Thursday, 31 March 2016

A Home of Our Own

In 1835 the city boundary dribbled a little south-east of Marlborough Road to take in some new developments in London Road.  Because the arrival of the Midland Railway had prompted more houses in New Town the boundary was moved further east to Albion Road in 1879.  Then in 1913 a  revised boundary was set at Winches (Oaklands), "well beyond" the, then, housing development at Castle Road.  There have been further extensions since.

"Development opportunity"
Families who would picnic at Laurel Bank (the present Crown district); watch from a gate as cows grazed where Fleetville Junior School is situated today; or make splashes with the ducks on ponds at Marshalswick and Newgates farms, gradually found their views and activities moved further out of town.  There was at the time, of course, nothing that could be done about it; there were fewer controls over development.  Farms were sold as uneconomic and house-building took over.  Families grew up and started families of their own; renting, or eventually purchasing homes of their own.  Families also arrived in pursuit of welcome employment at the many firms which had settled here and contributed to the city's economic wealth.

The former Cherry Grange site,
Camp Road
So, as children, we made many new friends, from our neighbourhoods and the schools we attended.  We used the great outdoors beyond our doorstep – and the building sites we grew up with – for our personal enjoyment.

I remember when our road was facing the edge.  Our front windows had an open view towards Hatfield; there was nothing in between.  It didn't last that long; eventually someone else had the benefit of living on the edge; and later still, yet another generation.  I suppose we just accepted that we did not own the edge; it was not ours by right, no more that the fields beyond where we picked wild flowers, or bagged potatoes, or walked with the family on Sunday afternoons, or ...

The former Newgates Farm
Friends' families sometimes moved on, to other districts of the city, to nearby towns where there were better jobs, or places seemingly on the other side of the world: Leeds, for example!  New families moved in and there were usually new friends.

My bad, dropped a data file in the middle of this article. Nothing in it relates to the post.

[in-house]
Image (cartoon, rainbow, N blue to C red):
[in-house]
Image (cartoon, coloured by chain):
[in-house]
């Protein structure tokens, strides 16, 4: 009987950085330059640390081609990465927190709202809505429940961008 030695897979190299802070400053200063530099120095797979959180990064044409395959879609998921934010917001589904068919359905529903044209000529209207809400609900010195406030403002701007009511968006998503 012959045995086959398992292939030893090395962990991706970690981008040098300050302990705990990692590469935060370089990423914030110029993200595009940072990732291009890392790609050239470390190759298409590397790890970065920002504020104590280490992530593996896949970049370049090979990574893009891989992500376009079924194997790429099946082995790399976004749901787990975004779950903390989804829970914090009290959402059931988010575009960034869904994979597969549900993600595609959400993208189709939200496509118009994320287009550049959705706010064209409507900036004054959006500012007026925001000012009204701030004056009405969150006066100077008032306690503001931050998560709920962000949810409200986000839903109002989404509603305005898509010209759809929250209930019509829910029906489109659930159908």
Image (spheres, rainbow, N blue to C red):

Occasionally, such regeneration still occurs, such as at Highfield; or on a much smaller scale at the Radio estate.  But today the growth is more likely to come from pulling down large houses on expansive plots, and constructing several "units" in their place.  Cherry Grange, in Camp Road, is a good example.  Or former industrial sites in Sutton and Hedley roads.

Such piecemeal growth does not, on its own, do much to help all those who need a home here, to own or rent; at least not at a price they can afford.  Shortages always put up prices.  It is true of houses as it is, at times, of petrol or carrots.

Field on the Sandpit Lane side of Oaklands, Oaklands College

Is there a solution?  In May there will be an inquiry into a proposal to construct houses on a field at Oaklands; 348 of them.  That would help.  So too would similar proposals for even more homes at Coopers Green and Ellenbrook.  Several other locations have also been identified.

Wouldn't it be wonderful if those who want or need a home here, were able to settle at a price they could afford?  So, will it be possible?  The odds do not at times look good, but we will know where the barriers lie during the eight days starting on May 10th.  Lots of people will have their fingers crossed. but not all for the same reason.

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